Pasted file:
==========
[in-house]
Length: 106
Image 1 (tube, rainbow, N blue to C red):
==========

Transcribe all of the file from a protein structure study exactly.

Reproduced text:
[in-house]
Length: 106
Image 1 (tube, rainbow, N blue to C red):